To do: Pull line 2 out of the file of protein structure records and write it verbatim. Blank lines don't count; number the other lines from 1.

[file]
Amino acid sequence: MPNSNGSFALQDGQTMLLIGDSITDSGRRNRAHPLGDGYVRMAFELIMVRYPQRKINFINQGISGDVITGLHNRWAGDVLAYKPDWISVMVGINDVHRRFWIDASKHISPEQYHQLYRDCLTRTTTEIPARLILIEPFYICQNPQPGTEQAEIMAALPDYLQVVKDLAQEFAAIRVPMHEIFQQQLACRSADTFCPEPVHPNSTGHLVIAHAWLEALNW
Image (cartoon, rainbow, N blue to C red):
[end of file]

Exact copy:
Image (cartoon, rainbow, N blue to C red):